Self Care for End-of-Life Professionals

Home » Blog » Self Care for End-of-Life Professionals

Summer Brooks MS, RVT

A few months ago, a member of the Companion Animal Euthanasia Discussion Group on Facebook asked what others do to honor the memory of their patients and how to process a stressful or emotional day.  There were many great ideas, both for honoring rituals and for self-care.  I covered honoring and grief rituals in a previous blog post and now let’s delve into self-care.

Self-care can sometimes have a negative reputation.  Recommendations often seem simplistic, and people complain, “Sure, all my job stress will just melt away if I light a candle and drink some tea…”  Also, many professionals know that self-care is important but taking time for oneself gets easily pushed aside by the pressing demands of the day.  In doing research about self-care, I found there is a lot more to it than just trying to relax after a difficult day.

Sally Hill Jones, PhD, LCSW, is a social worker in human hospice.  Along with devising care plans for hospice patients, she also creates self-care plans for hospice professionals.  She states (2005) that there are four aspects to self-care: Physical, Emotional/Cognitive, Relational, and Spiritual.  Here is a quick summary:


–  Pay attention to where stress tends to settle in your body.  Try to take a few moments to stretch or relax those areas throughout the day.

–  Get adequate rest.

–  Exercise!  It could be swimming, walking, aerobics, dancing… anything that gets you moving and reduces stress.

–  Consider adding yoga or meditation to your daily routine.


–  Know that it is ok to cry or grieve.  End-of-life care can be emotional.  It can also bring up memories of your own previous losses.  Give yourself permission to feel and process your emotions.

–  It is important to take time to do things you enjoy (gardening, dancing, playing music, travel, interacting with your pet, etc…).

–  Find people you can talk to about your work, whether a colleague, friend or family member, or a counseling professional.

–  Seek out other ways you can express your emotions, such as journaling or writing poetry.

–  Consider creating a daily “release ritual” that helps you finish the day.  Dr. Jones mentions imagining all your worries washing down the drain as you shower, or changing clothes with the intention of leaving the day’s stresses behind.  

–  Discover ways you can comfort yourself if you’ve had a hard day.  Spend quality time with your pet, take a bath, listen to music, or cuddle with a loved one. 


–  Make sure you keep strong boundaries.  Be careful about overextending yourself, oversharing personal information, working outside of your normal hours, or falling into the trap of thinking you are the only one that can help a particular patient.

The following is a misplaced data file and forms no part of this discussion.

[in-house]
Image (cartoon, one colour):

–  Find a support system.  Not everyone is comfortable with discussing end-of-life situations and challenges.  Find supportive people who can offer empathy and understanding.

–  Learn to recognize what you need, and start asking for it.

–  Consider having debriefing sessions with colleagues.

–  Learn to resolve conflict.


–  Engage in religious or spiritual prayers, meditations, services, readings or rituals that speak to your beliefs and help you find meaning in your life

–  Find creative outlets that help you connect with your spirituality

–  Take time in nature

To learn about physical and emotional warning signs that show you may need to work on an aspect of self-care, and for more recommendations, check out Dr. Jones’ article A Delicate Balance: Self-Care For the Hospice Professional.

Here are some ideas from CAETA’s Facebook group members and from my own research:

– Get in your pajamas and watch a good tv show (Ted Lasso is a big hit on the Facebook group!)

–  Listen to music or a podcast on the drive home at the end of the day

–  Take up a new hobby, learn something new

–  Check out the Calm app

–  Try body scan meditation or guided Imagery meditation

–  Join the Companion Animal Euthanasia Discussion Facebook group to see what others have in common with your own work

Coleen Ellis (2020) from Two Hearts Pet Loss Center states, “Self-care is about self-awareness.  It is a discipline of taking time for yourself.  It is not about finding fun things to do, it’s finding things you find fulfilling.”

She shared this self-care ideas list.  It offers some great outside-the-box ideas to help inspire you to create your own self-care rituals. 


Ellis, C.  (2020, February).  Pet Loss and Grief Companioning.  [online CE course]. 

Jones, S.H.  (2008).  A Delicate Balance: Self-Care for the Hospice Professional.  Aging Well, 1(2), 38.

Jones, S.H.  (2005).   A self-care plan for hospice workers. American Journal of Hospice and Palliative Medicine, 22(2), 125-128. doi:10.1177/104990910502200208

Share this article on:

CAETA Administrator